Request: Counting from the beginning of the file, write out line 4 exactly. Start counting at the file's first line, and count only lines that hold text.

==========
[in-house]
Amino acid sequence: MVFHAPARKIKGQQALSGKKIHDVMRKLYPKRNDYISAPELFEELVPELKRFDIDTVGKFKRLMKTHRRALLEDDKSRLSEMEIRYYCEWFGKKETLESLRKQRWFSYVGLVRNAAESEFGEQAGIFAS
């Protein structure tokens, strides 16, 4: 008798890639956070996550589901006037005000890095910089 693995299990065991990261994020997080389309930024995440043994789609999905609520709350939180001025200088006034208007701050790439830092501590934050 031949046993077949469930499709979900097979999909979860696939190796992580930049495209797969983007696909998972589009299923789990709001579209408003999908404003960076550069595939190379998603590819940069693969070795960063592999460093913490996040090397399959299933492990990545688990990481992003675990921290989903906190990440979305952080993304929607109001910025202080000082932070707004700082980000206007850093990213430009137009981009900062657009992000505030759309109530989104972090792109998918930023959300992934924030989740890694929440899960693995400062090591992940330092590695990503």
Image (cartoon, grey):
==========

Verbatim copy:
Image (cartoon, grey):